"Many thanks for replying to my email, well my Dad died when I was seven so I did not get any info about Phil from him. But my brother was the manager of the Memphis Five here in Burton upon Trent and he new most thing about Phil I will have to have a chat with him.

You see when I had My band in Birmingham in the early sixties I came over to Burton to see Phil but when I got to the house His mom told me he was ill and still in bed and His Mom would not let me see him she told my Mom don't let Arthur get like Phil has got ( the Booze and so on, I was only 16 and impressionable) well that's how Mrs Seaman saw it, But he sent me the picture and he was my Idol, by the seventies I was married and stopped playing. When he died his Mom threw his Trixon drum kit away the dustcart took it before I could get my hands on it. I cried my eyes out when I found out he had died and what had happened to his drums. Can you imagine me actually being able to own and play Phil's Drum kit?"


Drummer, Steve Banning, was an Orchestral and Theatre drummer in London's West End during the sixties and told me this story concerning a drum extravaganza in the Talk Of The Town or somewhere similar circa 1971.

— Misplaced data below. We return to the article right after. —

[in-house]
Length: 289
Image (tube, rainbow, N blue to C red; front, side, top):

The unique event featured Buddy Rich, Louis Bellson and Kenny Clare, all with their individual drum kits set up. Louis Bellson's, of course, with the double bass drums. Buddy Rich walked out and sat down at Louis Bellson's double bass dum kit and started to play on the bass drums.... boom....boom....boom....boom and the tempo gradually sped up to double and double that again till the bass drums were playing a roll many of us would like to be able to play on a snare drum. When he finished there was a tremendous round of applause and Buddy Rich walked over and sat at his own kit where he repeated the exercise, reaching the same crescendo of notes with one bass drum - .the roof lifted.

At the climax of the session the spotlight was put on a figure in the seated crowd, the MC asked for order and announced that the gathering especially had a great respect for Phil Seamen who was in the audience. The gathering acknowledged this with a huge ovation, bringing Phil to tears.

Update:- Christmas 2007 saw a contact from drummer John Scott Cree who wrote as follows,

Hi Phil